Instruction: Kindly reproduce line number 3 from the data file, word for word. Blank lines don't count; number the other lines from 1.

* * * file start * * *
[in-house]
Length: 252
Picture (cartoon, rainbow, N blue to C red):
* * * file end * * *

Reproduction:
Picture (cartoon, rainbow, N blue to C red):